Tag: "competition"

Posted December 7, 2020 by Ry Marcattilio-McCracken

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Built in 2008 with an eye toward the future and operated with local priorities in mind, Greenlight has a long track record of putting people first. In a new case study, the Institute for Local Self-Reliance explores the wide-ranging community benefits of Greenlight, the city-owned Fiber-to-the-Home network in Wilson, North Carolina.

Download Wilson Hits a Fiber-to-the-Home Run with Greenlight Municipal Broadband Network.

The case study details how it has been able to quickly adapt and expand service during the pandemic, as well as the host of advantages and overall value brought to the city over the last decade in education, equity, and economic development. For example:

Access for All

  • In 2016, Greenlight began a partnership with the Wilson Housing Authority (WHA) to connect hundreds of public housing residents to $10/month low-cost fast Internet access.
  • The network targets barriers to service adoption that go beyond cost, including a flexpay system which allows users to prepay for Internet access instead of requiring large deposits or a credit check. It also allows users to load funds into their account for individual days of network access.

Economic Development

  • Greenlight has been named as a key factor in Wilson’s economic revitalization.
  • Wilson’s fiber infrastructure has helped local businesses succeed and is a factor in the relocation of new companies to the area. In 2019, Wilson was ranked the 10th best small city in the country to start a business.
  • In 2016, Greenlight began co-sponsoring the GigEast Exchange Conference. The GigEast Exchange serves as a technology hub, incubator, and networking space for everyone in the community.

Education

  • All schools in the county were connected to the network by 2012.
  • In 2019, Greenlight partnered with Wilson Community College to develop a curriculum to train the...
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Posted December 7, 2020 by Ry Marcattilio-McCracken

In a new case study, the Institute for Local Self-Reliance explores the wide-ranging community benefits of Greenlight, the city-owned Fiber-to-the-Home network in Wilson, North Carolina. The case study details how it has been able to quickly adapt and expand service during the pandemic.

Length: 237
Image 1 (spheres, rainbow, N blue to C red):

Built in 2008 with an eye toward the future and operated with local priorities in mind, Greenlight has a long track record of putting people first. A few examples are:

Access for All

  • In 2016, Greenlight began a partnership with the Wilson Housing Authority (WHA) to connect hundreds of public housing residents to $10/month low-cost fast Internet access.
  • The network targets barriers to service adoption that go beyond cost, including a flexpay system which allows users to prepay for Internet access instead of requiring large deposits or a credit check. It also allows users to load funds into their account for individual days of network access.

Economic Development

  • Greenlight has been named as a key factor in Wilson’s economic revitalization.
  • Wilson’s fiber infrastructure has helped local businesses succeed and is a factor in the relocation of new companies to the area. In 2019, Wilson was ranked the 10th best small city in the country to start a business.
  • In 2016, Greenlight began co-sponsoring the GigEast Exchange Conference. The GigEast Exchange serves as a technology hub, incubator, and networking space for everyone in the community.

Education

  • All schools in the county were connected to the network by 2012.
  • In 2019, Greenlight partnered with Wilson Community College to develop a curriculum to train the next generation of network technicians and managers.
  • Throughout the pandemic, Greenlight has gone even further to support its community. When schools quickly converted to remote learning in the spring of 2020, the network installed more than 3,000 feet of fiber to make sure a local history teacher, Michelle Galloway, could teach from home. The network has also made its Lifeline program permanent, offering basic video conference-capable connections for $10/month for residents to activate as needed.

Read the...

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Posted November 19, 2020 by Ry Marcattilio-McCracken

The city of Greensboro, North Carolina has been named a Smart Gigabit Community by US Ignite and awarded a grant from Charlotte-based Segra to expand broadband and increase connectivity options in the city. 

Posted November 10, 2020 by Ry Marcattilio-McCracken

This week on the show Christopher is joined by Mason Carroll (Monkeybrains), Deborah Simpier (Althea Networks), and returning champion Travis Carter (US Internet).